Author(s): Takeuchi K, Tanaka A, Kato S, Amagase K, Satoh H
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Abstract Nonsteroidal anti-inflammatory drugs (NSAIDs) such as indomethacin decrease mucosal PGE(2) content by inhibiting cyclooxygenase (COX) activity and produce damage in the small intestine. The development of intestinal lesions induced by indomethacin was accompanied by increases in intestinal motility, enterobacterial invasion, and myeloperoxidase (MPO) as well as inducible nitric oxide synthase (iNOS) activity, together with the up-regulation of COX-2 and iNOS mRNA expression. Neither SC-560, a selective COX-1 inhibitor, nor rofecoxib, a selective COX-2 inhibitor, alone caused intestinal damage, but their combined administration provoked lesions in the small intestine. SC-560, but not rofecoxib, caused intestinal hypermotility, bacterial invasion and the expression of COX-2 as well as iNOS mRNA, yet the iNOS and MPO activity was increased only when rofecoxib was administered together with SC-560. Although SC-560 inhibited PG production, the level of PGE(2) recovered in a rofecoxib-dependent manner. The intestinal hypermotility in response to indomethacin was prevented by both 16,16-dimethyl PGE(2) and atropine but not by ampicillin, yet all these agents inhibited not only the bacterial invasion but also the expression of COX-2 as well as the iNOS activity in the intestinal mucosa following indomethacin treatment, thereby preventing the intestinal damage. These results suggest that inhibition of COX-1, despite causing intestinal hypermotility, bacterial invasion and iNOS expression, up-regulates the expression of COX-2, and the PGE(2) derived from COX-2 counteracts the deleterious events caused by COX-1 inhibition and maintains mucosal integrity. These sequences of events explain why intestinal damage occurs when both COX-1 and COX-2 are inhibited. 2010 Elsevier B.V. All rights reserved.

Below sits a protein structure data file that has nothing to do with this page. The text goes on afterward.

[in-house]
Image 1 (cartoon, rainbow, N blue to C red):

This article was published in Clin Chim Acta
and referenced in Pharmaceutica Analytica Acta